Support of 'All Off for Cancer' has grown tremendously in just one year

Support of 'All Off for Cancer' has grown tremendously in just one year

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Support of 'All Off for Cancer' has grown tremendously in just one year

One visit to the Greenville Children’s Hospital last year was all it took for Clemson offensive lineman Sean Pollard to realize he wanted to make a difference in the lives of children battling cancer.

After leaving the hospital in tears that day an idea came to his mind.

While a common phrase around Clemson Athletics is to be “All In,” last year Pollard teamed up with Clement’s Kindness Fund which is a program that helps Upstate families financially affected by pediatric cancer and other serious blood disorders. With their help Pollard created the “All Off for Cancer” event in which he and some of his teammates allowed the children to shave the player’s heads as a way to show support.

On Wednesday Pollard hosted the second annual “All Off for Cancer” event but this year the support grew tremendously. Many other Clemson athletic teams including men and women’s soccer, women’s basketball, volleyball, rowing, cheerleading and track and cross country all came out to the Allen Reeves Football Complex to show their support.

“God told me to do this,” Pollard said after the event. “I prayed on it and He’s the one that told me to do it. I really had no choice in it. Once He gave me the signal I decided to take it and run with it. Best is the standard in this program so why not try to make this the best thing possible?

“This is what it’s about. It’s not about me, it’s not about shaving our heads, it’s about the kids. They come out, they’re having ice cream, they’re having fun. They’re honestly not thinking about their cancer right now. They’re thinking about having fun and hanging out with student-athletes and that’s the biggest thing.”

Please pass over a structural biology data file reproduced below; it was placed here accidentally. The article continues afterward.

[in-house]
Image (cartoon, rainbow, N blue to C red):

Sandra Miller, who is an administrator for the Clement’s Kindness Fund, is beyond grateful for Pollard and all that he has done to support the local Upstate children battling this terrible illness.

“It’s just incredible,” Miller said. “I can’t even begin to explain how grateful we are for Sean. He has the biggest heart out of anyone we’ve ever met. He just wants to help these kids and how selfless is that? Here’s this guy that could be doing anything right now. He’s in college in the prime time of his life right now, having so much fun on a National Championship team. He stops everything and thinks of these kids first.

“He’s an incredible student, he’s an incredible athlete but most of all he’s so good to these patients. That’s what he cares about first and he just shows us that there’s hope for our future. He shows us that’s there’s people out there who really do care and want to make a difference in this world and it’s just incredible.”

Clemson kicker Greg Huegel did not think twice about supporting this cause when his friend and teammate, Pollard brought the idea to his attention and he gladly allowed patients to shave his head both years now.

“It’s an opportunity for our student athletes to become part of something that’s bigger than ourselves,” Huegel said. “Not have to focus on school, not have to focus on sports. Just going out there and being able to have a positive effect on the community.

“So when Sean brought it up last year he asked me, ‘Hey do you want to get this thing started?’ This was immediately after we visited the Children’s Hospital and I said, ‘Yeah, absolutely.’ It’s a phenomenal thing to do and hopefully we can grow year after year with it.”

 

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